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Shepard Fairey, AP trial date set for March

August 24, 2010 |  9:45 am

Hope It appears that the long-running legal saga between artist Shepard Fairey and the Associated Press will drag on well into 2011.

A judge in New York has set a March trial date in the case that pits Fairey against the news organization in a fair-use battle involving the artist's "Hope" poster, which depicts then-Sen. Barack Obama.  

The trial in New York will begin selection for an eight-member jury on March 21, said U.S. District Judge Alvin K. Hellerstein on Monday. The trial is expected to take three weeks.

Fairey, a Los Angeles-based street artist, is accused of copyright infringement for using an Associated Press photo as inspiration for his "Hope" poster. The artist's legal team maintains that his use of the photo is protected by fair-use laws.

On Monday, a lawyer for Fairey said the artist would appear in court to show the judge and jury how he made the poster.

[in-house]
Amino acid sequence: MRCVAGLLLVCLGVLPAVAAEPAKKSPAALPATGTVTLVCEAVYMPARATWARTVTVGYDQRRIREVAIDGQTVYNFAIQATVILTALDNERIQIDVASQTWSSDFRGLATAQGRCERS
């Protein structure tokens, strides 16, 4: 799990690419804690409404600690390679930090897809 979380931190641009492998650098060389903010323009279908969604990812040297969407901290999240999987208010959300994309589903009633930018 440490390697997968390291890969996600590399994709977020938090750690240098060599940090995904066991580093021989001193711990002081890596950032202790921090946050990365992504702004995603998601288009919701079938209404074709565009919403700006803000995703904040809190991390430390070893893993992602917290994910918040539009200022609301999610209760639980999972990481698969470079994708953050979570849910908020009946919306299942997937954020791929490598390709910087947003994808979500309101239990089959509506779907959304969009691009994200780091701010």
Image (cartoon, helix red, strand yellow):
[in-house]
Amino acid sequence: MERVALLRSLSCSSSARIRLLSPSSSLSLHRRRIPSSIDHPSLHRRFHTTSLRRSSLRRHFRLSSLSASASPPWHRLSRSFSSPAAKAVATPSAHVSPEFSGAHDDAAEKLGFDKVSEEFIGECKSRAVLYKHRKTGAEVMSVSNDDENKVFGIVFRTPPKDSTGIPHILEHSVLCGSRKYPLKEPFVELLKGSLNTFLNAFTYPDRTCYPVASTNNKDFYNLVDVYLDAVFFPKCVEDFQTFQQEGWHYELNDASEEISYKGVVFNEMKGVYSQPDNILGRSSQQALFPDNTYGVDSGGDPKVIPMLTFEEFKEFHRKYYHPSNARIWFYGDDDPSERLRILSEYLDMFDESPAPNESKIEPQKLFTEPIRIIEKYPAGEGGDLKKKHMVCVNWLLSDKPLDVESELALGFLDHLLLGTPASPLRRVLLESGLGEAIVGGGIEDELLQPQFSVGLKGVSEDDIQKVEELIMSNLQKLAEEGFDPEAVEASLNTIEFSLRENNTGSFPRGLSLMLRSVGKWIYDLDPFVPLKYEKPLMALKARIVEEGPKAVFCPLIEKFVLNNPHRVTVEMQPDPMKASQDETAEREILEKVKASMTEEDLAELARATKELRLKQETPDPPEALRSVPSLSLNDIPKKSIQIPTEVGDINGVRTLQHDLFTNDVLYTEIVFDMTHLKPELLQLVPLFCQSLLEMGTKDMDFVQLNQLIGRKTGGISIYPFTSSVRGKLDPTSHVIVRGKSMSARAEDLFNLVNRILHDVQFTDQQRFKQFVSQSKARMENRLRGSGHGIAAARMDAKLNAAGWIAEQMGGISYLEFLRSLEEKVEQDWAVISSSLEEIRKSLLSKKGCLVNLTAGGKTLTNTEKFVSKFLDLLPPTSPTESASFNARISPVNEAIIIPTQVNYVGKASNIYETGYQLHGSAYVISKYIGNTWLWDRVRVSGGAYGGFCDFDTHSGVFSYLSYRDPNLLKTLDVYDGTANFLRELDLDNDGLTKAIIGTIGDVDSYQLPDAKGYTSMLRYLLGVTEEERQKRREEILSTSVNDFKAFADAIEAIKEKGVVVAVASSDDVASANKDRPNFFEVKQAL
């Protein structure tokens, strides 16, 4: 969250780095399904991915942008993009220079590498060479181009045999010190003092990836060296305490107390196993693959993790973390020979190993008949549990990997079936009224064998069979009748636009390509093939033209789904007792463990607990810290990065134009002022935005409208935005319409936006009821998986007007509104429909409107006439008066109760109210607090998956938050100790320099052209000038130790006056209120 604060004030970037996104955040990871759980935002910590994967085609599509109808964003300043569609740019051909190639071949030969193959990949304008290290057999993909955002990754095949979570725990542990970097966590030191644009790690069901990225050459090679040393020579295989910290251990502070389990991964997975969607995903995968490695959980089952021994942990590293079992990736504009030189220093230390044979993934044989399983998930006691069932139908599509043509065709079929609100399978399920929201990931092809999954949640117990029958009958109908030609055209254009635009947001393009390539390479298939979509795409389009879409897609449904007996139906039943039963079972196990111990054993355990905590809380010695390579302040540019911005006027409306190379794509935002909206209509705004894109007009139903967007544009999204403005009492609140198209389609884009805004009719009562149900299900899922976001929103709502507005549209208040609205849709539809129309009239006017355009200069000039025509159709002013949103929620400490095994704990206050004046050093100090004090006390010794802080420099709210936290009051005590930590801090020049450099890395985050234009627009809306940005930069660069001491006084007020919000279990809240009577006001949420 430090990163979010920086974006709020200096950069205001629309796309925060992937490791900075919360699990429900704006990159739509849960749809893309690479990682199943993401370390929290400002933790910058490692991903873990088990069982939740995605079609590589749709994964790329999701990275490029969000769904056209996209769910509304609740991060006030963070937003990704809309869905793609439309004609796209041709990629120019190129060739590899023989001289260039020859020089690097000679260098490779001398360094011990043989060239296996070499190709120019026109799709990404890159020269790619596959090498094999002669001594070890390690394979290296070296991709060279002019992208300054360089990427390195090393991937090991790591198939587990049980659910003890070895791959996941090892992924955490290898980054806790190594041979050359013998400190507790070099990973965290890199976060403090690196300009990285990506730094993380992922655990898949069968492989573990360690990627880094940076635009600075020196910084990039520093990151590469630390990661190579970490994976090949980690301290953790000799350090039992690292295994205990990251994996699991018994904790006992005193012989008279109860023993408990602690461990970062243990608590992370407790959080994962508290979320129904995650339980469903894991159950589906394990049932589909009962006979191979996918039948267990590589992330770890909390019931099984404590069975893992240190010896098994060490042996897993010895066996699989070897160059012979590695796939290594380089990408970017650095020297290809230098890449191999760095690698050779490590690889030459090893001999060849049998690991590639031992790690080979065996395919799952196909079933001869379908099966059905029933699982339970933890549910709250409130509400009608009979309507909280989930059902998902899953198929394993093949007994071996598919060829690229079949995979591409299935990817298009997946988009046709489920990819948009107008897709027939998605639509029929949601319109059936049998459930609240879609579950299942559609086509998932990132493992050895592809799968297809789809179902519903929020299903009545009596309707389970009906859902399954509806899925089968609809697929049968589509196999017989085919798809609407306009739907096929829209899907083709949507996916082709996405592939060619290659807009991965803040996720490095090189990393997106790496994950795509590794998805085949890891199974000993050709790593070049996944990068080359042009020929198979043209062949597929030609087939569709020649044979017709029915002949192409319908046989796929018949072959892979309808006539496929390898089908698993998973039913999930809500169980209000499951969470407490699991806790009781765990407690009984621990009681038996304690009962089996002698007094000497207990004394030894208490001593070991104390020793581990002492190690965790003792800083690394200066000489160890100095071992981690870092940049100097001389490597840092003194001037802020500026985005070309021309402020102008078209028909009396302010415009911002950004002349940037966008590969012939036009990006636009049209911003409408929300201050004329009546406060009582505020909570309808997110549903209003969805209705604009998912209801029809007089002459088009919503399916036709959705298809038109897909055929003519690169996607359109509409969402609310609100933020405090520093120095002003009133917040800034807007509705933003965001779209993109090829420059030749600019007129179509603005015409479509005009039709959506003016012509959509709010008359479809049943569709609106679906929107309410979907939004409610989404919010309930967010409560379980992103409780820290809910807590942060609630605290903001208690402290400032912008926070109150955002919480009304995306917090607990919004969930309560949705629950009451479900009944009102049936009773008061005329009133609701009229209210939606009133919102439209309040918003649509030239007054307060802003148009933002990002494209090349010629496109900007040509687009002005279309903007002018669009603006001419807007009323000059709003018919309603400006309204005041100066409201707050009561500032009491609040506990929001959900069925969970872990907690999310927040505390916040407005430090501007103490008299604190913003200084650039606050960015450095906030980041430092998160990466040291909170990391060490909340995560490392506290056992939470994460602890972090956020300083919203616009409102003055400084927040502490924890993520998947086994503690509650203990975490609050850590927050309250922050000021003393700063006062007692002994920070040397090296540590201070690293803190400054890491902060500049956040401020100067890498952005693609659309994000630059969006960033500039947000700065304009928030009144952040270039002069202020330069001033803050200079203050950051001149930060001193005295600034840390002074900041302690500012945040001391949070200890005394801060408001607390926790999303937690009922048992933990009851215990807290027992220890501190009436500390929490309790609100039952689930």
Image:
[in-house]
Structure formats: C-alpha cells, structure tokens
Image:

Last week, Mannie Garcia, the freelance photographer who took the photo of Obama in 2006 for the Associated Press, dropped his claims against the news agency in which he had stated he held the copyright to the photograph. 

In October 2009, Fairey admitted that he knowingly submitted false images and engaged in other wrongdoing in connection with the case. The artist is under criminal investigation as a result of his actions.

-- David Ng

Photos, from top: A version of Shepard Fairey's "Hope" poster, shown hanging in the Smithsonian National Portrait Gallery in Washington, D.C. Credit: Michael Reynolds / EPA.  Fairey at a reception for the current Dennis Hopper exhibition at L.A.'s Museum of Contemporary Art. Credit: Stefanie Keenan / Wireimage


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Comments () | Archives (4)

Those who have tried to use the same copyright rationale with Mr. Fairey's own work have found themselves sued.

Liberals suing liberals over the depiction of a liberal president who believes in encouraging people to sue one another. Poetry in motion.

Anon, please look up the difference between copyright and trademark. Fairey has defended trademark, as required by law.

Now, be still.

Be still? Are you kidding me?

Copyright vs. Trademark is splitting hairs when the spirit of Mr. Fairey's litigation undermines his own credibility. The rationale of "I can use your artwork without permission in an effort to profit, but don't you dare use mine." is pure hypocrisy.

Falsifying evidence doesn't help endear him to anyone either.


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